Clayton Kershaw’s 2013 Season is One of Historic Measure

By Isaac Comelli
Clayton Kershaw
Ron Chenoy-USA TODAY Sports

As the Los Angeles Dodgers’ ace Clayton Kershaw closed the 2013 MLB season with two great starts, he certainly solidified his status as the clear, deserved winner of the NL Cy Young Award. Despite being given the respect he earned, baseball fans might not fully appreciate the magnitude of his performance.

To fully grasp the amazing year that was Kershaw’s 2013 season, let us head to the statistics. On the year, Kershaw boasts a 1.83 ERA, a 194 ERA+ (adjusted average according to each pitchers’ ballpark), a 0.915 WHIP and 232 strikeouts. Kershaw led the entire MLB in each of the first three categories and only trailed Yu Darvish and Max Scherzer in strikeouts.

Although his 2013 contemporaries could not compare to Kershaw’s remarkable season, they are in good company. Since 1901, there are only five other seasons in which a pitcher posted better stats than Kershaw in these four categories: Pedro Martinez (2000), Bob Gibson (1968), Pete Alexander (1915) and Walter Johnson (1913 and 1912) – all of these stats were looked up on

Considering the fact that only two pitchers in the last 98 years have bested Kershaw in four areas, it is safe to say that his 2013 season is one for the ages. Even more impressive is the fact that Kershaw has accomplished this notable feat at only 25 years of age.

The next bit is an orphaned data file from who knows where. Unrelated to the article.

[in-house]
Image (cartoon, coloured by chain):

As Kershaw and the Dodgers head into the playoffs, the team will certainly need their ace to perform in order to make a deep run. With a historic season in the books, Kershaw certainly has the momentum and motivation necessary to perform in the postseason. It will certainly be entertaining to see if he can have a playoffs for the ages as well.

Isaac Comelli is a Los Angeles Dodgers writer for Follow him on Twitter @IsaacComelli, “Like” him on Facebook or follow him on Google.


Los Angeles Dodgers’ Clayton Kershaw Is Hands Down The NL Cy Young Winner

5 Reasons Why Los Angeles Dodgers Will Win 2013 World Series

Clayton Kershaw Providing More Proof That Pitch Wins Don’t Mean Anything

You May Also Like